6 critical questions to answer before launching your own marketplace

How to launch your own marketplace

Launching a successful online business is not easy. Most e-commerce start ups fail soon after launch, so it’s extremely important to be as prepared as possible to make sure your business falls into the small number of lucky ones. The good news is that if you want to start an e-commerce business today – creating an online marketplace is the way to go. It is one of the most successful online business models and now is the best time to enter proceedings and corner a sweet market niche.

There is a lot of work that needs to be done at the conceptual stage to make your business works, so ensure that you’ve covered all the essential aspects. Leading online marketplaces like Amazon, eBay, Etsy, Upwork had a strong vision and a smart strategy behind their success. In this article, we’ve drawn from our learnings and expertise, our clients’ experiences, as well as analyses of the most successful online marketplaces. As a result, we came up with the top critical questions to answer before you start your online marketplace business. Knowing the answers to these questions will help you minimize your risk, guide your business towards future successes, and set your marketplace’s tone from the start. 

How to attract sellers?

Your sellers are a large part of your business equation. Giants like Amazon can show how sellers’ prioritization can be an effective strategy. By acquiring new sellers, you automatically expand your product range and make your marketplace an indispensable platform for customers that appreciate a variety of choice. Etsy is another excellent example of a company that championed their sellers by offering small business owners an outlet and a voice.

Now, the crucial question is – how do you attract sellers in the first place?

People often think that you need buyers to find sellers or sellers to find buyers in the beginning. This is a “chicken and egg” problem and there is no exact recipe on how to start. Often, it depends on the type of marketplace you’re launching. Generally speaking, however, our experience shows that attracting a critical seller mass is far more significant. Sellers might not guarantee you customer traffic but they definitely can secure a good mix of products/services which will make use of your traffic and ensure good healthy conversion rates.

The only scenarios where it makes sense to focus on developing your buyer side first is if your offering already has an existing established customer base, such as Social Media platforms, High Volume Blogs, Influencers on Instagram or YouTube with their own sites as well etc. In these situations you have a critical mass or “tribe” of buyers that are extremely invested in the sector – you can leverage these buyers to build a marketplace by demonstrating the traffic and “intent” to potential sellers.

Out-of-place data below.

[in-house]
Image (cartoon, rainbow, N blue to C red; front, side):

Why should people sell with you?

This is the question that sellers will most likely bring up, or at least be thinking, down the road. But in fact, the challenge of building the supply side is one of the first aspects you need to address, even before you start creating your marketplace.

What additional value are you creating for your sellers? The best approach to answering this question recognizes that it is always challenging for individual businesses, especially small ones, to attract clients. Having an online marketplace platform that easily connects buyers and sellers saves the seller energy, time, and most importantly, advertising budgets. A successful online marketplace can expose sellers to millions of consumers, in a way that they could not achieve independently. If you look at this from a financial perspective – as long as your commission or service cost can compete with the marketing spend needed to bring the customers to the seller’s owned site, it is a smart decision to join your marketplace. At the end of the day, business is all about profit.

How can you keep your marketplace “sticky” and prevent disintermediation?

One of the challenges marketplace owners have after starting an online marketplace is disintermediation. Keeping your marketplace sticky and preventing disintermediation is critical to the longevity and strength of your business. Making your marketplace sticky means keeping both buyers and sellers trading on your platform and not having them leave, i.e., drive customers to a seller’s owned channel or completing the transactions outside of your marketplace.

Successful marketplaces have prevented disintermediation and maintained stickiness by creating an environment in which sellers can easily access customers and reach new broader audiences. Companies like Amazon and Etsy provide tremendous value to their sellers by connecting them with millions of people worldwide, offering transparent platforms with easy navigation and taking some burden off the seller’s plates.

But not only a good customer base can make your marketplace indispensable. Finding other seller’s pain points and inventing ways to solve their everyday problems will make your marketplace much more valuable. Upwork is a good example of how the marketplace can solve customers’ and sellers’ problems. When hiring a freelancer on Upwork, an escrow is held from the client before the freelancer’s work starts. This provides much-needed security for the service transaction. Moreover, milestones functionality is available, which makes the payment process clear and convenient. The reviews and seller profile rankings also build additional trust and authority for good vendors, which is harder to achieve outside of the marketplace.

In a nutshell, when you make your online marketplace more convenient and profitable than the alternative, you ensure strong referrals and organic business growth. 

View the CEO of Omnyfy, Fabian Rebeiro talk about the evolution of online marketplaces and how incremental value offering to participants has driven how marketplaces have changed from merely creating buyer/seller connections through to providing an entire suite of tools in which sellers can deliver their service on the marketplace.